I am visually overloaded and go and sit outside in the pleasant garden café where I enjoy a salted caramel ice-cream (is everyone in Australia also eating salted caramel ice-cream, as they are here in London and New York?) And then someone just behind me starts smoking and I am so shocked I get up and leave in huff – how dare someone light up a cigarette in a cafe! Lots of people also smoke here on crowded streets, where everyone is jostling with everyone else, and the smokers are waving their lit weapons about, threatening to set my clothing alight. Of course, I am probably over-reacting. People also smoke on the streets of Hobart, but there are so few of them it doesn’t seem anywhere near as dangerous!
I visit the ICA (Institute of Contemporary Arts), which is on the Mall, on the following day. It’s a very famous gallery, established in the 1940s, and has a long history of showing controversial and cutting edge work, including an exhibition by the Independent Group in the 1950s who started the British Pop movement, and Mary Kelly’s Post Partum Document in the 1970s which made front page news because it included her baby son’s poohey nappies. The current show, called Keep your timber limber, features works on paper that aim to explore the politics of gender and sexuality. Much of the content features erect and ejaculating penises which I find just too literal, consequently, I don’t spend long in the gallery.
I keep walking down the Mall, which is handsomely decorated with long rows of Union Jacks, and head towards Buckingham Palace. It looks magnificent, I suppose because everything has been spruced for the Queen’s Diamond Jubilee, celebrating sixty years of her reign. I adore the richness and ornateness, especially all the superb decorative work on the gates, which appear to be freshly gilded. Back in the early 1900s, Adolph Loos wrote that ornament was a crime and predicted the 20th century’s rejection of the decorative and obsession with the international style and minimal design. While a very big part of me loves the minimal, in recent years I have come to appreciate the decorative in a way that completely surprises me.
I actually get to go inside an extension to Buckingham Palace – The Queen’s Gallery – where I see a great exhibition of paintings and artefacts about Tudor and Stuart costume called In fine style. I am fascinated by the incredible detail and the rather surreal, magical quality of many of the paintings. To an extent this stems from the level of detail present in the works, but that detail isn’t mimetic – it doesn’t effectively mirror of reality. Rather, it evokes a mysterious world that feels almost supernatural, as in Marcus Gheeraerts the Younger’s Portrait of an unknown woman (c1599) and Frans Ourbus the Younger’s The Infanta Isabella Clara Eugenia, Archduchess of Austria (c1598-1600). The women portrayed in these paintings are truly other-worldly beings. There is also an extraordinary painting by an unknown artist of a man dressed completely in red.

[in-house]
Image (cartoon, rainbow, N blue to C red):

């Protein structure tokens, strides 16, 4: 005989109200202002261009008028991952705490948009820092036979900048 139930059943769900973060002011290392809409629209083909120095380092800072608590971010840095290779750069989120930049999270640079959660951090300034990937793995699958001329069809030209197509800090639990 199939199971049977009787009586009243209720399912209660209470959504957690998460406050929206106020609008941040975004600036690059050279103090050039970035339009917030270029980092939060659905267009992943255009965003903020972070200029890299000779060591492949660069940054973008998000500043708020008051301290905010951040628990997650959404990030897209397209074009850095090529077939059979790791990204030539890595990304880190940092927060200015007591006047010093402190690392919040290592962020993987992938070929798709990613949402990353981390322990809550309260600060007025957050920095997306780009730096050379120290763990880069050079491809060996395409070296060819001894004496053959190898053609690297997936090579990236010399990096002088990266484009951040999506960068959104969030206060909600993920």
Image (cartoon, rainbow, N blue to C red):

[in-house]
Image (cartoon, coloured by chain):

Two days later, I go inside Buckingham Palace and see the State Rooms and the garden where the Queen holds her annual parties. She has gone to Balmoral for a summer break, and that’s when the State Rooms are opened up to the public. I love the whole experience. The rooms are unbelievably sumptuous – the art, the chandeliers, the furniture, the decorative objects, the throne room, the picture gallery, the wallpapers and ceiling ornamentation, the internal courtyard where the carriages arrive – everything is so very rich and everything seems to sparkle. The Ball Room has been temporarily modified to house a stunning exhibition of the 1953 Coronation, including the gowns and jewellery worn by the Queen, her ladies in waiting and the rest of the royal family. The tour ends in the garden, where I have lunch in the cafe and share a table with Mary and Ken, who kindly allow me to join them when they see I am unable to find somewhere to sit. They come here regularly in the summer and have even been to one of the famous garden parties. They are also great world travellers and tell me about an amazing driving trip they made all over the east and west coasts of America. Afterwards, I wander through the garden, which is absolutely huge – there are 39 acres of it!
I also visit Apsley House, better known as ‘Number One London’, which was the home of the Duke of Wellington after he defeated Napoleon at Waterloo. His direct descendants still live there, but a number of the stately rooms are open to the public. There is a fabulous art collection with paintings by Velazquez, Rubens and Goya, and a superb room of porcelain and other lavish gifts presented to Wellington from all over the world in honour of his victory. The most striking art work is a massive nude sculpture of Napoleon by Canova that stands at the foot of the stairwell. Apparently Napoleon didn’t like the finished work because he thought it made him look pretentious. There is also an extraordinary Portugese centerpiece that runs the length of the dining room table. Entry to the house also includes entry to Wellington arch, which has an exhibition about John Betjeman who played a major role in preserving Britain’s architectural heritage back in the 1930s. There is also a viewing platform with good views into the gardens of Buckingham Palace and across to Apsley house and Hyde Park. Interestingly, the arch once housed the smallest police station in London!